What Australian Spiders Are Related to Black Widows?

What Australian Spiders Are Related to Black Widows? thumbnail
Spiders of the genus Latrodectus spin disorganized webs.

Poisonous spiders like the black widow strike fear in humans, but spiders are not aggressive and react only to an imminent threat. When they do bite, they deliver a neurotoxin through their fangs. Latrodectus is a genus of spider that includes the widow and redback varieties. They like to nest near the ground and close to human habitation. They can be found under outbuildings, logs, toys left outside and debris. Both types of spiders capture insects in their webs but catch an occasional small bird or lizard.

  1. Black Widow Spiders

    • The proper name for the black widow spider is Latrodectus mactans, which is Latin for "biting" and "to kill." The shiny black body has an hourglass-shaped red marking on the underside of the abdomen. The female leg span is one-half to two inches, and males are much smaller. Black widows live in South, Central and North America. The black widow's web is considered the strongest natural fiber according to Dr. Randy Lewis at the University of Wyoming in an article in "High Country News."

    Redback Spiders

    • The closest relative to the black widow endemic to Australia is the redback spider, Latrodectus hasselti. The genus is the same, but the species is different from the black widow. The female has a red hourglass marking on its lower abdomen just like the black widow, but a reddish orange stripe also on its dorsal, or top, side of its pea-sized abdomen. Redback spiders prefer to live near human housing and proliferate during warmer months. They are poisonous, but an antivenom exists and people no longer die from their bite.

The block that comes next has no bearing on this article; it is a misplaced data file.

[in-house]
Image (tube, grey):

Bite Treatment

    • A bite from a black widow usually causes pain only at the bite site, but more advanced symptoms include abdominal pain, severe muscle cramps and spasms, difficulty breathing, convulsions and shock. A bite from a redback spider causes pain and the skin to sweat at the bite site, itchiness, muscle weakness, nausea and vomiting. Applying an ice pack is the best way to treat a bite; a pressure bandage is not recommended because the venom is slow-moving. If more severe symptoms arise, seek medical attention immediately. Children, elderly and health-compromised people are more susceptible.

    Males and Myths

    • The name "widow" for this spider comes from the belief that the female kills the male after mating. This has happened when the spiders are observed in captivity, but when in open range the male spider simply leaves without being eaten.

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